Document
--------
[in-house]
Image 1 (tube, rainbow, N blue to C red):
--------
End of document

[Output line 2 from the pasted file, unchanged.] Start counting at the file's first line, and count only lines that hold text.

Image 1 (tube, rainbow, N blue to C red):